You Are a Reflection of the Game

As a content creator for a game like Magic, you not only represent yourself, you also by extension represent the game you're playing. How you represent yourself is a reflection of how people outside the game perceive Magic, and the Magic community generally. It's important to try and put your best face forward, so that you represent not only the game, but yourself in a positive way. As a content creator, you're your own brand as much as the game you play. The product you're representing is you, so you need to represent yourself well.

You Are Your Own Brand

Being your own brand, means that everything you do as a content creator is marketing. Your social media presence, the things you say in chat or on stream, or the articles you write all represent you. Putting your best face forward in all of these situations is difficult. It means learning to lose gracefully and in front of an audience. It means being open to criticism, and willing to own your mistakes. They're challenging things to learn, and not the only challenges that face you as a content creator.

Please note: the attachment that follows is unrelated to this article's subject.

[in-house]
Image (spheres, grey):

The Hard Work of Creation

Content creation is fun, but as some of my favorite content creators like @ghirapurigears and @CoL_Amazonian attest, it's also hard work, and very time consuming.

Just a few of the challenges that can face you include:

  • Needing To Come Up With New Content Ideas Regularly
  • Avoiding Doing Something Another Creator Has Done Recently
  • Firm Deadlines/Maintaining a Steady Publishing or Streaming Schedule
  • Juggling Your Schedule/Maintaining Work/Life Balance

Coping With the Challenges

Coming up with new ideas for content can be part of the fun, because you can often do whatever you want, but it can also be challenging. What if you've already done a bunch of things and don't have any fresh ideas? What if you had a great idea, but another content creator already did something similar? How you approach these challenges can often make or break you as a creator.